The final work, Sibelius' rich and powerful first Symphony was given, what else can I say, a rich and powerful reading as befitting its stature. The brass, long a sore point with the orchestra, were spot on, blending well with the wind heavy writing and never overwhelming. When called upon, they emerged golden and commanding from the tapestry. Well chosen tempi, a driving, breathtaking scherzo, incredibly beautiful clarinet solos by Michael Wayne and a perfect realization of Sibelius' slowly emerging climaxes made this one of the best all around performances from this group yet.

Friday, April 11, 2008

A Hospitality Lesson

I have been a little harsh on my dear little country of Nicaragua lately. I always am after a visit. You can see I am conflicted; there is so much to love, so much that is different and fresh, even a lot that is old fashioned. Then there is the corruption, the raping of the country by the left and the right, North Americans, Europeans and fellow Central and South Americans (yes I am speaking of you Hugo). I guess I want to believe it is a paradise, that everything is beautiful, everyone is having a beautiful life, that my friends there are happy.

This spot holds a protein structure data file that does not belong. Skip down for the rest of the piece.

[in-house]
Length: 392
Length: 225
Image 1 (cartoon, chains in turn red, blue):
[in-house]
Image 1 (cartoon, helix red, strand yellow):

And many are. One of the staff at the hotel in San Juan del Sur got married to a Spanish lady and went off to Barcelona. "It was hell", he told me. "Big, crazy, noisy, expensive, I came back here." He found there really is no place like home.

My travel partner Bruce was amazed at the place; as a first time visitor, he was taking it all in.

"My GOD!", he exclaimed in Managua one afternoon, "I have not seen that in years!" Bayardo was taking us around town and had stopped to fill his car with gas. "Uniformed gas station attendants, have not seen one of them since I was a kid". Sure enough, every Texaco station has uniformed attendants to pump your gas. Clean, pressed uniforms, worn proudly. Nicas have a pride in their work and in cleanliness, despite the trash that litters the streets. Trash collection can be spotty sometimes. The country has the cleanest dirt in the world, it is not uncommon to see someone sweeping the dirt outside their home, making sure all the leaves and trash are picked up.

Bruce, Hector, Bayardo and I went to a gay nightclub in Managua our last night there. The place was nice, in a good area and looked to be fun. Inside it was not fancy, but had cold beer, good music, a nice dance floor and a good crowd of people for being somewhat early in the evening.